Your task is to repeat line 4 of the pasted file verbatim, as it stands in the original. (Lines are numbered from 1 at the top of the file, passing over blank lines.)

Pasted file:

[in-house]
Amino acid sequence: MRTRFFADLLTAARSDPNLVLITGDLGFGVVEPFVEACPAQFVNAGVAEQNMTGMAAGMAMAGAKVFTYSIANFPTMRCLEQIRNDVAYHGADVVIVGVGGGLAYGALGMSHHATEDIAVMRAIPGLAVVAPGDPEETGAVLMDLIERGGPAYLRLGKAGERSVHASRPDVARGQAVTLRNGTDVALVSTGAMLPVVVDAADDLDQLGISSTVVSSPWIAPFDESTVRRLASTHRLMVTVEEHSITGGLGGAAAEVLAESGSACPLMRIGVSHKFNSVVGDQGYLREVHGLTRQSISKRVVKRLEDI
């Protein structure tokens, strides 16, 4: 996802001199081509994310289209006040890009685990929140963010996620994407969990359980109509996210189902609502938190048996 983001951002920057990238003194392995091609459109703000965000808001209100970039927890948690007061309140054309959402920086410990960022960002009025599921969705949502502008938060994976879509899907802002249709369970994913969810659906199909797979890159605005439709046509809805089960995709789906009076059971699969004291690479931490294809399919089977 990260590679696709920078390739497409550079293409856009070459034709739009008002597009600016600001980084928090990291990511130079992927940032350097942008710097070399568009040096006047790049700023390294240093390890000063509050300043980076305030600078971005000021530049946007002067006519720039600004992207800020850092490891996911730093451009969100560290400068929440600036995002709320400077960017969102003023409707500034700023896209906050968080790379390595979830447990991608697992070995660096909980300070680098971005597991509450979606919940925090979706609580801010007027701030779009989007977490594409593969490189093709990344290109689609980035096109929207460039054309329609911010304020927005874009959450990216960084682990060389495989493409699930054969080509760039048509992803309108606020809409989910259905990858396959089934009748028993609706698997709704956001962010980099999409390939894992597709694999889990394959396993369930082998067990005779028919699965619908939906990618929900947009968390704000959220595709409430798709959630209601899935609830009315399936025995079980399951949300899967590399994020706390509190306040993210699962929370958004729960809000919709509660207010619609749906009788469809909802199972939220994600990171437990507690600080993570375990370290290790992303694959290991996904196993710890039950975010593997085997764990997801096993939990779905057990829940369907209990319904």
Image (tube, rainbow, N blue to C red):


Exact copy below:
Image (tube, rainbow, N blue to C red):